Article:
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Have a question about your MSP product? Well, what is it? We welcome any questions you have.
Find answers to your questions in our library of easy-to-follow, service-related videos or in the FAQs below. And, you can always reach out to us. We’re just a call away.
If you need immediate assistance, please call or email our MSP Product Support . We’ll be sure to get back to you within 24 hours.
Double Diaphragm Pumps
Do the pumps come skid mounted or trailer mounted (portable)?
MSP offers Skid Mounted or Trailer Mounted Double Diaphragm pump packages.
Do you have Sound Attenuation or Quiet Pumps?
MSP offers Sound Attenuated pumps in most of its models.
Do you have electric motor or diesel driven options?
MSP can build or offer Electric Driven pump packages in most of its models.
Can I get the pump powder coated our company colors?
Depending on the quantity of pumps ordered, MSP can powder coat many of our pumps your companies colors.
Do you offer guards or covers for the pushrod arms?
MSP offer pushrod covers on all the double diaphragm pumps we manufacturer.
What type fittings do you offer for the pumps?
MSP offers CamLock or Bauer Connection fittings.
Do you have auto start control panel with float switch capability?
MSP can offer auto start control panels on many of the models we buildDo the pumps come skid mounted or trailer mounted (portable).
How do I change a diaphragm and how long should my pushrods be?
Due to the mechanical setup, specific lengths are not the best way to adjust the pushrods to the correct length. Instead, we use a “clearance” or “gap” adjustment.
- The diaphragm should be installed BOWL-SHAPE IN and cross tightened to a torque of 40 ft/lb.
- When the eccentric lobe is at “Bottom Dead Center,” or the “Six o’clock position,” there should be a 1/8“ to a 1/16” of a gap between the plate and the diaphragm.
This method is similar to how one would adjust the tappet clearance on a rocker arm to a valve in an engine.
How many hours should I be getting out of my diaphragms?
While results can vary, we have a training outline that implements all the best practices to perform when operating a double diaphragm pump in order to get the most out of the diaphragms.
MSP Best Practices for Pump Maintenance
- Be sure the pump is completely flushed out, and there is no debris inside the pump.
- Always use at least a 20ft section of flexible hard hose (suction hose) on the first leg of the discharge. The more hard-pipe the better. DO NOT use the layflat hose directly off the discharge port.
- Only use the primary discharge (key switch) side.
- Position the pump at the highest elevation possible to use the working principles of the pump to PULL vs push the water. Avoid stepping the pump down.
- Use the vacuum relief valve to introduce air to the pumping system. More vacuum does not mean more flow. If you can achieve lift with a lower vacuum, you will get the same pumping result and more hours out of the diaphragms.
- Monitor the diaphragms, and ensure there is not folding, bulging or ballooning. The diaphragms need to cycle smoothly and correctly.
- Diaphragms WILL TEAR at some point. It is important to track the hours for common uses and predict a failure so there are not repeated visits to the pump and avoidable and costly downtime.
- If you are going to service the pump, track the hours on the diaphragms. If they are close to their threshold, it would be a good idea to preemptively change them.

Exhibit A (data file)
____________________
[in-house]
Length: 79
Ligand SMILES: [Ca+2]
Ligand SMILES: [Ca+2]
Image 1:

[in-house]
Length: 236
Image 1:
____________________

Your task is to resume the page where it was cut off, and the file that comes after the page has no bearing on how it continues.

- (Need intro language for this) 2inHG suction with a 50ft discharge vs 20inHg of suction with 400ft of discharge uphill. More pressure and suction means more wear and fewer hours of efficiency.
- To optimize the wear on your pump, be sure to use MSP’s diaphragm coating and protectant to repel harmful UV degradation and “hard” fluid corrosion.
You may also download this information sheet here: <download pdf>
How do I know if my pump is working properly?
Use a vacuum plate to ensure you can reach at least 25inHg. Turn the pump off (while holding vacuum relief closed) to identify any leaks. If the vacuum drops for more than 5inHg in 30 seconds, there is a leak somewhere. Please call us at (904) 524-1320 for immediate assistance.
Why won’t my pump stay running?
Troubleshooting single cylinder diesel engines includes identifying if the issue is fuel, electrical, air or mechanically related.
- Each category has a different set of components that can be easily checked by process of elimination—and we will assist you to trace the main issue.
- Please call 904.524.1320 for immediate assistance.
Why does my pump not achieve any vacuum?
The pump can achieve up to 27inHg of vacuum. We use a benchmark of 25inHg as a testing point while the pump is not in use and at the shop, after is has been completely flushed. VACUUM RECHARGE is a process that is essential to the operation of the pump.
When should I replace my flapper valves?
If your vacuum test indicates leaks, inspect each flapper starting from the lower one and work your way up. Feel around the flapper for any degradation. Replace rubber with the “meat-side” down.
Be sure to monitor hardware as well, and replace when needed. The torque specifications of the flapper mounting bolts is barely 2 to 3 ft/lbs—it’s just enough to allow the lock washer to engage.
How often do I need to change the gearbox oil?
Our recommendation is 5,000 hours first service, then change every 10,000 hours of runtime.
How often do we need to grease the bearings on the diaphragm?
Daily. It is very important to be sure the grease is actually entering the ports and to test for “play.”
What is the torque spec on belt tensioner?
The specification is 30 to 40 ft/lbs.
How to set the pump up on a job site?
Add video/downloadable guide
Have another comment or concern?
We also offer support for our other products. Taylor can help with that, too.